Federal Prosecutions

This week let me focus on specifically federal prosecutions, as that is the focus of my practice and an area unfamiliar to most people.
Starting with, “Once upon a time” federal cases were reserved for the most serious violations of law with far reaching implications. The celebrated FBI “Ten Most Wanted” list with names like Capone, Gotti or Bulger. Cases involving counterfeiting of U.S. Currency. Cases which involved espionage, such as that depicted in the Tom Hanks film, “Bridge of Spies”. The Cali or Medellin drug cartels all conjure images of federal investigations and prosecutions. But how do these cases get started?

Unlike the majority of state cases, which are discovered in process and arrests made immediately. Or where there is an offense, say a murder or burglary and a brief investigation results in arrest of the defendant. Federal cases tend to be more deliberative, though not always.

The initiation of a federal prosecution can be a coordinated effort between the law enforcement agency (FBI, DEA, HSI etc.) and the Office of the United States Attorney. Specifically, an Assistant United States Attorney (AUSA) will coordinate with the case agent. The case agent is the lead investigator on the case which may have multiple other agents or even multiple agencies. Federal investigations may easily take months or in some cases years to bring to the point of being ready to file charges or colloquially prosecute.

During that investigatory time many things may be happening. There is usually some sort of surveillance of specific locations, especially in major drug cases. Often this surveillance is conducted by placing clandestine cameras in locations which give direct view of the subject home or business. Small and unobtrusive these cameras run 24 hours a day. Sometimes physical surveillance is conducted by aircraft, either helicopters or airplanes which are specially equipped to record visual and/or audio. In the case of such aircraft they also are able to use thermal imaging and detect heat signatures of vehicles recently driven or persons walking outdoors. There is debate as to whether the aircraft employ “Stingray” devices to ping or spoof cell phones, this is routinely denied. However, it is also known that certain agreements require the denial of such use as was discovered in a district court case in the District of Columbia.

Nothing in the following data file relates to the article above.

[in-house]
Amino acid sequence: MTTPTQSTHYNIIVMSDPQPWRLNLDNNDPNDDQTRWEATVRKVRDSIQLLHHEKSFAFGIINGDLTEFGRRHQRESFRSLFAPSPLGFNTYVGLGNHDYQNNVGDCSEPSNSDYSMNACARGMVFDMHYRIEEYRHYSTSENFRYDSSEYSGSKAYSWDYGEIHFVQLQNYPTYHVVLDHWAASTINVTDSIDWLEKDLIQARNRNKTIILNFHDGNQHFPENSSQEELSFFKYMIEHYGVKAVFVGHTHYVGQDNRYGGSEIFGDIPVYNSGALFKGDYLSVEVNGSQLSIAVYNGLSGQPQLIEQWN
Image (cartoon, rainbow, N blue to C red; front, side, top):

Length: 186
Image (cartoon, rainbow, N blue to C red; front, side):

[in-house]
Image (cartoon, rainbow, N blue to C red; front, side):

Another frequently used investigation tool is referred to simply as a Title 3. In federal criminal prosecutions that refers to the interception of telephone calls by government agents. Without getting into the mechanics of obtaining the authorization, a federal court grants a warrant to make the interceptions. Once the warrant is obtained the target telephone number is then recorded every time it is used to have a conversation. The content of the calls is then divided into relevant or non-relevant, that is, talk which is pertinent to the investigation and that which is not. Such recordings can run into the hundreds of hours before a case is ever filed.

During this investigatory period, however long it may take, the government is amassing evidence and making records of the investigation for later use. Sometimes these are FBI 302s or DEA 6s which are reports of investigation and may contain a variety of information.
The government may “recruit” persons to assist in the investigation through arrests and “cooperation agreements” with the arresting agency. These generally need to be approved by the AUSA to have value later in the prosecution of that individual. Getting into such issues as government agent authority to make deals, promises and assurances is a topic for later.

So, for now, remember they are your rights, use them or lose them. Every encounter with law enforcement has the potential for arrest, be polite be courteous but be aware. Exercise your Constitutional rights to remain silent and to have counsel present.